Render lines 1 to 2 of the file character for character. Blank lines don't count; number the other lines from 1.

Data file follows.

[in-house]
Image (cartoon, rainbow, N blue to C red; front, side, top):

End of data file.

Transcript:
[in-house]
Image (cartoon, rainbow, N blue to C red; front, side, top):